Arm resources show how to optimize your Java applications for AArch64

December 2, 2021 | 4 minute read
Alan Zeichick
Editor in Chief, Java Magazine
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Choosing the best runtime switches can greatly affect the performance of your workload.

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Java developers don’t need to worry about the deployment hardware as long as a first-class JVM is available, and that’s certainly the case for Arm processors. Whether you’re writing the code or running the code, it’s business as usual: At the end of the day, it’s plain old Java bytecode.

Of course, many Java developers and systems administrators want to know more, and there are several excellent resources, especially two posts from Arm.

Java performance on Ampere A1 Compute

Arguably the most important post for the deployment of processor-intensive applications is a November 2021 post from Arm senior performance engineer Shiyou (Alan) Huang. His post, “Improving Java performance on OCI Ampere A1 Compute instances,” begins with the following:

Oracle Cloud Infrastructure (OCI) has recently launched the Ampere A1 Compute family of Arm Neoverse N1-based VMs and bare-metal instances. These A1 instances use Ampere Altra CPUs that were designed specifically to deliver performance, scalability, and security for cloud applications. The A1 Flex VM family supports an unmatched number of VM shapes that can be configured with 1-80 cores and 1-512GB of RAM (up to 64GB per core). Ampere A1 compute is also offered in bare-metal configurations with up to 2-sockets and 160-cores per instance.

In this blog, we investigate the performance of Java using SPECjbb2015 on OCI A1 instances. We tuned SPECjbb2015 for best performance by referring to the configurations used by the online SPECjbb submissions. Those Java options may not apply to all Java workloads due to the very large heap size and other unrealistic options. The goal here is to see the best scores we can achieve on A1 using SPECjbb. We compared the performance results of SPECjbb2015 over different versions of OpenJDKs to identify a list of patches that improve the performance. As SPECjbb is a latency-sensitive workload, we also presented the impact of Arm LSE (Large System Extensions) on the performance in this blog.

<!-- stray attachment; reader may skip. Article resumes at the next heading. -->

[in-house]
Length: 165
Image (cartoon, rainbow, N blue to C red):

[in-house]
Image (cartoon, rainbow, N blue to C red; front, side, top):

Huang’s paper presents two metrics to evaluate the performance of a JVM: max-jOPS for throughput and critical-jOPS for critical throughput under service-level agreements (SLAs).

One of Huang’s charts, reproduced below as Figure 1, shows the SPECjbb scores from OpenJDK 11 to 16 using Arm’s tuned configurations.

SPECjbb scores from OpenJDK 11 to 16 using Arm’s tuned configurations

Figure 1. SPECjbb scores from OpenJDK 11 to 16 using Arm’s tuned configurations

Java performance on Neoverse N1 systems

Huang wrote another relevant blog post, “ Improving Java performance on Neoverse N1 systems,” in July 2021.

In this post, Huang writes the following:

…we investigate Java performance using an enterprise benchmark on Arm’s Neoverse N1 based CPU, which has demonstrated huge cost/power/performance improvements in server CPUs. We built OpenJDK from the source code with different compiling flags to test the impact of LSE (Large System Extensions), the new architecture extension introduced in ARMv8.1. The Java enterprise benchmark we tested provides two throughput-based metrics: maximum throughput and throughput under service level agreement (SLA). We tuned performance by tweaking an initial set of Java runtime flags and augmented system parameters using an automated optimization tool.

Huang summarizes the tests as follows: “As we can see, tuning is critical to the performance of Java applications. The throughput is improved by 40% and the SLA score for more than 80% after the tuning configurations are applied” (as shown in Figure 2).

Tuning the JVM’s runtime flags can greatly impact performance.

Figure 2. Tuning the JVM’s runtime flags can greatly impact performance.

Large System Extensions

A key section of both of Huang’s blog posts is his discussion of Arm’s Large System Extensions (LSE), which first appeared in the Arm 8.1 architecture. He describes LSE as “a set of atomic operations such as compare-and-swap (CAS), atomic load and increment (LDADD). Most of the new operations have load-acquire or store-release semantics which are low-cost atomic operations comparing to the legacy way to implement atomic operations through pairs of load/store exclusives.”

Huang adds that in his experiments, “We see that LSE benefits the workloads that are highly concurrent and use heavy synchronizations,” as seen in Figure 3.

The impact of Arm’s LSE

Figure 3. The impact of Arm’s LSE

Relevant reading beyond the Arm posts

Alan Zeichick

Editor in Chief, Java Magazine

Alan Zeichick is editor in chief of Java Magazine and editor at large of Oracle’s Content Central group. A former mainframe software developer and technology analyst, Alan has previously been the editor of AI Expert, Network Magazine, Software Development Times, Eclipse Review, and Software Test & Performance. Follow him on Twitter @zeichick.

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